The primary point of this parable is a revelation that much of the current orthodoxy in Southeastern United States anthropology was developed in a linguistic and Anglocentric vacuum. Anthropologists in Europe and Latin America would be horrified, if they knew that fact.
There are a lot of new faces at the University of Georgia’s Department of Anthropology, but in the past, it had professors, who were experts on some obscure South American or African language . . . yet, I would be willing to bet that not one faculty member ever knew the meaning of the Creek word, Oconee, which is the name of the county where UGA is located and the river, which flows through it. Charles Hudson, the UGA professor, who promoted himself as the leading expert on the Southeastern Indians and Spanish colonization, certainly didn’t. At least, when he was in my office in Asheville, he also couldn’t correctly pronounce Spanish words either.
For starters . . . if the 20th century anthropology professors, who formulated their orthodoxy even knew the history of European alphabets, it would have made a big difference. For example, the letters K and W are new additions to the alphabet and still used very little in Spanish. The sound that Germanic languages wrote as “SH, SS or SK” was written as an X in some Iberian languages and a Ç in other Iberian languages. Late Medieval Spanish explorers did not have an “äw” sound in their vocabulary, so tried to reproduce it in Castilian texts as an A, U, O or I. Thus, a Native American town, visited by Hernando de Soto was written by its chroniclers variously as Guaxule, Guasile or Guaçale. In modern English phonetics, the word would be spelled Wä : shäw : lē.
Not knowing anything about the etymology of the Native American words, which they frequently quoted, they missed many important hints that the early history of the Southeast was far, far more complex than they ever dreamed. Instead . . . pure speculations by authority figures in their profession became the next generation’s facts. Most often they labeled any non-English geographical place name in the Southern Highlands as “an ancient Cherokee name, whose meaning has been lost.”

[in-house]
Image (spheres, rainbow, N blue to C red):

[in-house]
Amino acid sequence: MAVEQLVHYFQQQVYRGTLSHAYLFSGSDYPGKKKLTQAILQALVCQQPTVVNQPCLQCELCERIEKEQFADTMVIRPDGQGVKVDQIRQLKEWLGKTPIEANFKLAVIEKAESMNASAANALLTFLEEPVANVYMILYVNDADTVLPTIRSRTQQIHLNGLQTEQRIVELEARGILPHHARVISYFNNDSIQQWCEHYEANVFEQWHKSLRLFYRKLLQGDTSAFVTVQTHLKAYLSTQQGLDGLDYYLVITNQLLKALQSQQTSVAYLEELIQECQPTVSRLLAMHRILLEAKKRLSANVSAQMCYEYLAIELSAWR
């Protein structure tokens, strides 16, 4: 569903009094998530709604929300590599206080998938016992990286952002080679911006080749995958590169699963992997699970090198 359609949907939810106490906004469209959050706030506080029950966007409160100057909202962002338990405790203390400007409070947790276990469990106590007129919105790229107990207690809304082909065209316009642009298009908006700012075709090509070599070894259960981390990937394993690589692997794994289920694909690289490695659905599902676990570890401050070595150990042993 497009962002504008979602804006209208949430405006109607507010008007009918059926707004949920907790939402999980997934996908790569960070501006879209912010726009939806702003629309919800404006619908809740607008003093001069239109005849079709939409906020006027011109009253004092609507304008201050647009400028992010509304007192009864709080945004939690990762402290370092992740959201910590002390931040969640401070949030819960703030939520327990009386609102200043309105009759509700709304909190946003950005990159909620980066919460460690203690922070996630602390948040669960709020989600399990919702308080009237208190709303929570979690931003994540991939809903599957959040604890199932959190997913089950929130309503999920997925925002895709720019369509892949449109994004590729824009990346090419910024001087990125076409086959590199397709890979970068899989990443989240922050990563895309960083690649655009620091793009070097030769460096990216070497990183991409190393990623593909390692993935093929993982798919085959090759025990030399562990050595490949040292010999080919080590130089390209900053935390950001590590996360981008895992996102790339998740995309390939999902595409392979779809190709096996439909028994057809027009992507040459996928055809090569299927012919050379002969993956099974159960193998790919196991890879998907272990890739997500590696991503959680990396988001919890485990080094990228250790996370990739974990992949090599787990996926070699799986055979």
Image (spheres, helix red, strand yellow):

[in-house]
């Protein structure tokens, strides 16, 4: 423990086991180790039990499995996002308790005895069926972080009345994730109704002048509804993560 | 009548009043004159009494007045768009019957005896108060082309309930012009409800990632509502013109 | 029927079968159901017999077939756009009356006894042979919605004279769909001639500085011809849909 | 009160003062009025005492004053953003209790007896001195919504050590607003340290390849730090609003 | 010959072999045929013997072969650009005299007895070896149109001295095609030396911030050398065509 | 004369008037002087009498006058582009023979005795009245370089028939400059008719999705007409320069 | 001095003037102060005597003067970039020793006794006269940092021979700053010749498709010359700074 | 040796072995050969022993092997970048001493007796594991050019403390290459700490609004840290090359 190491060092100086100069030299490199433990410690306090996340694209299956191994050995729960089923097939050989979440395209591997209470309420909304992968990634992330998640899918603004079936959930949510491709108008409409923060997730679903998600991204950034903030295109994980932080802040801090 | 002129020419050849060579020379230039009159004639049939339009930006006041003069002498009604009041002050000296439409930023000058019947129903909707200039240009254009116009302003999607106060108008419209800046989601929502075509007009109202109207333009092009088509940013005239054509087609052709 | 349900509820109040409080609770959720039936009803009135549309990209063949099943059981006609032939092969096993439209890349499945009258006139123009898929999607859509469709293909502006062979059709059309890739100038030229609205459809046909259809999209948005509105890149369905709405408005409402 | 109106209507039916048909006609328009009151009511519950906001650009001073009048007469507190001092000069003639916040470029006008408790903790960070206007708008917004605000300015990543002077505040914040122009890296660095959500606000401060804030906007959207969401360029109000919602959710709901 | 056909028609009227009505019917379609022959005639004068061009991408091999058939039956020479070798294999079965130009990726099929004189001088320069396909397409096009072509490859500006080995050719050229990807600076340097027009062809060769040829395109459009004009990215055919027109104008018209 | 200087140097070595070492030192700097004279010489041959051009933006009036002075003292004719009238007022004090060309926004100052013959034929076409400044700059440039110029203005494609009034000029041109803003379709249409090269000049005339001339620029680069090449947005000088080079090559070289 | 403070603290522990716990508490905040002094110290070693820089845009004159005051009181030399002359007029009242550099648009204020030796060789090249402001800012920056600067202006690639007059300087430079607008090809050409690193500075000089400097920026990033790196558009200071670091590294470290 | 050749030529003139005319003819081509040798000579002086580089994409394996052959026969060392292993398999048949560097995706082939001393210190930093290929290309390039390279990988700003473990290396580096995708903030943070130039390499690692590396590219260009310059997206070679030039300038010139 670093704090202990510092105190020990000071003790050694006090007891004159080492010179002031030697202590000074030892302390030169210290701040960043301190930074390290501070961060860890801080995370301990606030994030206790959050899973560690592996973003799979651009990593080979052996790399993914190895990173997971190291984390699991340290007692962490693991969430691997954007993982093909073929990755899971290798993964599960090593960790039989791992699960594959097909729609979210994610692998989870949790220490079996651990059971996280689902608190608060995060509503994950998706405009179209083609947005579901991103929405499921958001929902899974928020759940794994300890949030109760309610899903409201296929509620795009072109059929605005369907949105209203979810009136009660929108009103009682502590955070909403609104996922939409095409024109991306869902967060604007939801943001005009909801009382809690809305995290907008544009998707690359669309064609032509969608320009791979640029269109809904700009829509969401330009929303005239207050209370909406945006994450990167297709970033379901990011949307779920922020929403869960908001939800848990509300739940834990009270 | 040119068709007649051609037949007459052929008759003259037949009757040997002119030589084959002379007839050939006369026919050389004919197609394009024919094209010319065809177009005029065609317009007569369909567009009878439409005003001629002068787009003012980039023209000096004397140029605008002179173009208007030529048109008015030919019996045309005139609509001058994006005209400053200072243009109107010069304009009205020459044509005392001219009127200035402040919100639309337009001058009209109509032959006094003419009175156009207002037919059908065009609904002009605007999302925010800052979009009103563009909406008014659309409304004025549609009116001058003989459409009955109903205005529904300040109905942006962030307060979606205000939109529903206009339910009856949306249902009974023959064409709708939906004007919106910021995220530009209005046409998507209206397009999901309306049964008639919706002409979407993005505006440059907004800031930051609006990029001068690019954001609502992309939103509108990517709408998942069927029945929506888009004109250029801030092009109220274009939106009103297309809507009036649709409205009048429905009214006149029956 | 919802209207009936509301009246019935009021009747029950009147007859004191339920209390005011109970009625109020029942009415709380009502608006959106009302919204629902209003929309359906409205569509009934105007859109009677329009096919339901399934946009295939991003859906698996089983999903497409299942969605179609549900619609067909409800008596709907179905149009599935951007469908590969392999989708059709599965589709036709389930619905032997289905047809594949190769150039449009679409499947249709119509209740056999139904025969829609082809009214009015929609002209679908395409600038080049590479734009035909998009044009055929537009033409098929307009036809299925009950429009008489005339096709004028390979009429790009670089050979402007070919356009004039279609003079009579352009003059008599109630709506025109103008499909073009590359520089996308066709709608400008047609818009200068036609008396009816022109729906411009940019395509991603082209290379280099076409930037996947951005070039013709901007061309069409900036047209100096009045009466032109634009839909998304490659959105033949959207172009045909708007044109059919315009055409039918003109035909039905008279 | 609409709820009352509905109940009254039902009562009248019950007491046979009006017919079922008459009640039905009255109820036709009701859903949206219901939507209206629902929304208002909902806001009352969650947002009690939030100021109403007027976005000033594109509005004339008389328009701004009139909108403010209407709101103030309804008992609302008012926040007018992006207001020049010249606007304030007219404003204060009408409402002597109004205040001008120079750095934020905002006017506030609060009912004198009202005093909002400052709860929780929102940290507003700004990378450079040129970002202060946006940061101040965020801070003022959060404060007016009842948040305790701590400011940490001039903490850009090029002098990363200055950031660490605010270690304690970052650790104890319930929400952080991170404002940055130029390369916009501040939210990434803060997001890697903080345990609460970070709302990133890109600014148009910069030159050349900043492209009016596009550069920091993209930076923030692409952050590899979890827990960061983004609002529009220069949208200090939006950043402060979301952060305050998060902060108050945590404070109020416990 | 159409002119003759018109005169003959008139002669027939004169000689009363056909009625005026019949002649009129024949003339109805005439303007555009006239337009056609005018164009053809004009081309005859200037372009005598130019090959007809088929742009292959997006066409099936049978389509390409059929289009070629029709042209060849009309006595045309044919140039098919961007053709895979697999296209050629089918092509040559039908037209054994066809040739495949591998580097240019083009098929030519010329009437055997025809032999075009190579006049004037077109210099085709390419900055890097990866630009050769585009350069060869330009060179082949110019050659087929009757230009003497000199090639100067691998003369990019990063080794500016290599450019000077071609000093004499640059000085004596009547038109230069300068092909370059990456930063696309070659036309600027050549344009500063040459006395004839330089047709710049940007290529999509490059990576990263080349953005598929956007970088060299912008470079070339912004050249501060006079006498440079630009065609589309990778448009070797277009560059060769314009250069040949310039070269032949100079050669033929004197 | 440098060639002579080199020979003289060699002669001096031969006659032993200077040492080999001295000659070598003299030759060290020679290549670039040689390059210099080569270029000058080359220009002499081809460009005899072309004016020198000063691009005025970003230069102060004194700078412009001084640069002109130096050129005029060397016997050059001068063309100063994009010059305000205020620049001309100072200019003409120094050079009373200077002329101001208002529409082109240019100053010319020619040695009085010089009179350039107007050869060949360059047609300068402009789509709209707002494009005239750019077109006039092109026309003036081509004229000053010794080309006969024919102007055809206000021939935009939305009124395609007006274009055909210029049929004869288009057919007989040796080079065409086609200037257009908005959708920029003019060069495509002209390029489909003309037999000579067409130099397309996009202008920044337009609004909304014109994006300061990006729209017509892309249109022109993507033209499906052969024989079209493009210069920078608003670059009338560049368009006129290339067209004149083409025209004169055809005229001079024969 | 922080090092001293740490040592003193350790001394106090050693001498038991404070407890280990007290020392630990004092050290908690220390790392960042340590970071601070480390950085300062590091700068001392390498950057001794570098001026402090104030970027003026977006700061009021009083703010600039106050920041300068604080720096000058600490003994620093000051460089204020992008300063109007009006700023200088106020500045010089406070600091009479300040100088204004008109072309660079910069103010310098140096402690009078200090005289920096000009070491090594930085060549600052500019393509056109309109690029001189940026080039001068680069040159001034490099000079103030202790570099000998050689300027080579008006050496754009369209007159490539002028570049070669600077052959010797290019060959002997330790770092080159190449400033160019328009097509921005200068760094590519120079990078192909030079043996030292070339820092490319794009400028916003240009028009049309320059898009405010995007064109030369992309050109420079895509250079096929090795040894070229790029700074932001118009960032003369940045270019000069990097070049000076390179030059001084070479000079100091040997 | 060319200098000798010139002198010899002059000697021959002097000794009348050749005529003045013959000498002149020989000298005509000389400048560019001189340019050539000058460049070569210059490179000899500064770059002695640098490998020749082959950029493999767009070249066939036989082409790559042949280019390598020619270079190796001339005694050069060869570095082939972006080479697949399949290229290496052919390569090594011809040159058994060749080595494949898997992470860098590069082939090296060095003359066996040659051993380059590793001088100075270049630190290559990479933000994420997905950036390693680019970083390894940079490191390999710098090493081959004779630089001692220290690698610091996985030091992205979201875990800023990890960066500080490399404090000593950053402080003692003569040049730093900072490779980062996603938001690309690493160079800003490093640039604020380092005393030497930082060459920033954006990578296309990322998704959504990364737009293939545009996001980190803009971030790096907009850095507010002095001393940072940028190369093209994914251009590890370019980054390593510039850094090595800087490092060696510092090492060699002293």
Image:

The Muskogee Creeks and Cherokees pronounced an S as an SH sound. Itsate Creeks, who were predominant in Georgia and western North Carolina, had several S sounds, like their ancestors, the Itza Mayas. Thus, an S in an Anglicized Creek place name could be an English S, Sh, Tch or Jzh sound.
Muskogeans and Panoans (Peru) pronounce a P and B about half way between a P and B. A T is often, but not always, pronounced halfway between a T and D. These nuances also confuse the European spelling of Native words in the Southeast.
Several Southeastern and eastern Peruvian tribes roll their R’s so hard that English and French speakers record the sound as L. Spanish and French speakers were not around these peoples long enough to learn the full words, so . . . The Spaniards’ Chicora was the same place as the French explorers’ Chiquola and the Creek town, where Savannah, GA is today, which the British colonists wrote as Palachicola, Apalachicola and Palachicora. The correct Creek spelling of the word is Apalasikora.
On the trail of an ancient Northern European language
Very early on in my journey back in time, I realized that Irish Gaelic, Scottish Gaelic, Algonquian, Shawnee, Cherokee and Muskogee-Creek used the same suffix word for people or tribe. It is written today as a ge, ghe, gi, ki or kee, but is pronounced the same and means the same. Clearly, there was cultural contact, if not, migration back and forth across the Atlantic.